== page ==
Nepali Times Asian Paints
Nation
10 years on air




USHA TITIKCHU

WAR AND PEACE: Radio Sagarmatha has seen a lot in its 10 years, from soldiers occupying it after the royal coup in 2005 to being a true public broadcaster battling commercialisation in peacetime.

Most young radio journalists today probably don't know what a long and hard battle it was ten years ago to liberate Nepal's air waves and to create public space for radio.

When Radio Sagarmatha was finally granted a license to be Nepal's first non-government radio station in May 1997 it was a milestone not just for Nepal but the whole South Asian region. The day 102.4 FM went on air was the day the government monopoly of radio ended and frequencies were recognised as public property.

Sagarmatha opened the gates to dozens of community FM stations, private commercial radio and public broadcasters. Ten years later, there are 66 independent stations through Nepal, 27 more are going on air within two months and dozens more licesense have been given out.

"Sagarmatha was a hard-won group effort, it took years of lobbying," recalls Bharat Koirala the media trainer and activist who was given the Magsaysay Award in 2000 for his contribution. Koirala's original idea was to turn Sagarmatha into a nucleus for training community broadcasters throughout Nepal, and use grassroots communications to empower rural Nepal and help development.

But even after the license was granted to the Nepal Forum of Environmental Journalists (NEFEJ) to run Sagarmatha, there were numerous hurdles: fixing the tax for public broadcasters, distinguish between community and commercial stations and finding a legislative framework.

"In April 1997, we sent a letter to the Ministry of Communication asking for a permission to test broadcast," recalls present station manager Mohan Bista, "the government didn't respond so we went ahead and broadcast anyway."


KIRAN PANDAY

Journalists erected the tower themselves, using drinking water pipes and driving around Kathmandu on motorbikes with radios to test the transmitting range. Even when the government threatened strong action, Radio Sagarmatha persisted. Finally, on 18 May 1997 the license was granted.

Getting Sagarmatha on air was instrumental in creating awareness that community radios could expand the public sphere creating the conditions for democracy and development to thrive. But it hasn't all gone according to plan. The virtually unregulated process has brought with it commercial pressures on the quality of programming. Many private stations, dependent on advertisement support, cater to young, urban, middle class people with high purchasing power.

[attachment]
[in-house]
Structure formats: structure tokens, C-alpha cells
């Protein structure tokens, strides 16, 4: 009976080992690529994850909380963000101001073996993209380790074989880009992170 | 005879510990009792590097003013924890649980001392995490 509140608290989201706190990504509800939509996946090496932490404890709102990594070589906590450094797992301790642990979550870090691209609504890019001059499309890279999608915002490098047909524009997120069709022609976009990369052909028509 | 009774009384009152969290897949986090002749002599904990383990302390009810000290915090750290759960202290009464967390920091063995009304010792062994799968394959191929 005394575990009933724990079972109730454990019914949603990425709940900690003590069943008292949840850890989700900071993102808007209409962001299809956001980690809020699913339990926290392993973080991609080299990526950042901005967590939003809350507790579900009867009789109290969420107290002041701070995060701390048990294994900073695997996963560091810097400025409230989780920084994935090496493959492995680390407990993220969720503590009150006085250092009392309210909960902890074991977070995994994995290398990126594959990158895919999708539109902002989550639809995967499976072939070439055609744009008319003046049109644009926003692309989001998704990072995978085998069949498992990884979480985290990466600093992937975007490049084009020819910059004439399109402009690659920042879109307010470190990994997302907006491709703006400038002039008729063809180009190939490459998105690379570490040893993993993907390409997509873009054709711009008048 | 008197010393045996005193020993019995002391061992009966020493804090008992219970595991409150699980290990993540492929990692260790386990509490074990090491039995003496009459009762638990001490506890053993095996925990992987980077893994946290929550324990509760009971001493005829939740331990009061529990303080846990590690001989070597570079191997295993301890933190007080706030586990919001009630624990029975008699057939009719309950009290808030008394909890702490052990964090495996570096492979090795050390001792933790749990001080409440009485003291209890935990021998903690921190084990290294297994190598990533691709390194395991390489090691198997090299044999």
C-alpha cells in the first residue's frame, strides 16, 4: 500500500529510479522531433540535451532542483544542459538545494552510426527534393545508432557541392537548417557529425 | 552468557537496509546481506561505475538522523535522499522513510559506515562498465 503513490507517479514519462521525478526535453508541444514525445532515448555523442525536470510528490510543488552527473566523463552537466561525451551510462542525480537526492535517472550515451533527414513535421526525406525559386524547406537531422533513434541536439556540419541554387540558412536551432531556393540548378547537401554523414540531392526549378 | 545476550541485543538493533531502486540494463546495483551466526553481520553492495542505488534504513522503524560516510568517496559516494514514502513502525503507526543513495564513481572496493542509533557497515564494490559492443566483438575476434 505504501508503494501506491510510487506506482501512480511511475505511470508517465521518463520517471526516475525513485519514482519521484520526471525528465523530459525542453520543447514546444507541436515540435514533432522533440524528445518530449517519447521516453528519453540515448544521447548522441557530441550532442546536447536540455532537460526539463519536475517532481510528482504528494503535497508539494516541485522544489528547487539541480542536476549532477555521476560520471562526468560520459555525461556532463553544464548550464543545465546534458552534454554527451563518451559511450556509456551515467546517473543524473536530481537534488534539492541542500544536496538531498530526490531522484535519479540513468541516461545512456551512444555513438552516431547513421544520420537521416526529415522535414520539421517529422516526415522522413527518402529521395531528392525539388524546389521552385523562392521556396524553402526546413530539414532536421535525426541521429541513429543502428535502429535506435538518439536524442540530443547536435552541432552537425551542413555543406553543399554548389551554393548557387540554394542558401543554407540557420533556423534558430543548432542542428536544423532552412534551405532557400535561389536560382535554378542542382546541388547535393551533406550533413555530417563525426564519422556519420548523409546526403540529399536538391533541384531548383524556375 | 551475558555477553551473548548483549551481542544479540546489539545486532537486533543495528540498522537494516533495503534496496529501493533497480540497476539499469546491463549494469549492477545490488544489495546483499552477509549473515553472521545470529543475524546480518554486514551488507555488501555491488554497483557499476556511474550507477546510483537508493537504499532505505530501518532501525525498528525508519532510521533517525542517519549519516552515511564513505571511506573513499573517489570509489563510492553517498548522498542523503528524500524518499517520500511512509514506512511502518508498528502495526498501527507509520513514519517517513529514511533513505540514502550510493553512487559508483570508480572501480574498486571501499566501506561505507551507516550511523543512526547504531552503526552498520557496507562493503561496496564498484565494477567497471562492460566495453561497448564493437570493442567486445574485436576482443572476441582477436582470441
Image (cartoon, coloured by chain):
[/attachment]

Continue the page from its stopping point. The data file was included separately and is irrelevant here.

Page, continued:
Nepal needs public broadcasters, doing inclusive and participatory programming, to supply rural communities with access to relevant information. These programs being information-based have higher running costs and lower advertisement revenues than commercial stations.

Forced to pay 4 percent tax on income and a high annual broadcasting royalty, community stations including Radio Sagarmatha find it hard to sustain themselves. So it depends on donor support, partnerships and sponsored programming.

In July 2001 a landmark Supreme Court decision assured broadcasters the same freedoms as those available to print media and ruled that a ban on news restricted the constitutional right to information. But broadcasters have faced constant harassment and restrictions culminating in a blanket ban on news on radio after the royal coup of Feburary 2005.

In November that year police raided Sagarmatha, seized equipment and took five journalists into custody for a BBC interview with Pushpa Kamal Dahal. The fact that the station hadn\'t actually run the interview wasn\'t considered. Sagarmatha took the case to the Supreme Court which ruled that BBC rebroadcasts should be allowed on FM. Sagarmatha had won this victory on behalf of a dozen other stations that also relay the BBC Nepali Service.

FM in Nepal is now no longer a development project, thanks to Sagarmatha's pioneering work, it is a mainstream phenomenon that has contributed to the creation of public space. "Now we are facing the second generation problems, monitoring, regulation and the setting of quality standards being the most urgent," says Binod Bhattarai of the Centre for Investigative Journalism who was station manager in 1998-99. Licensing should become more transparent and differentiate between non-profit and commercial broadcasters and handled by an independent monitoring authority, he adds.

To achieve this the government should step back from being the monitoring, licensing and broadcasting agency at the same time. It should take the role as a regulator in the public interest and guarantee the survival of public broadcasters and institutions like Sagarmatha that try to promote this. Licensing and regulation should itself be decentralised.

Radios have given voice to indigenous groups and neglected languages, but it has a long way to go in ensuring ethnic and gender diversity in staffing.

Raghu Mainali of the Community Radio Support Center (CRSC), says: "Sagarmatha has helped community radios throughout Nepal with training now we need to work together to improve the quality, participatory nature of programming and ensuring sustainability."



LATEST ISSUE
638
(11 JAN 2013 - 17 JAN 2013)


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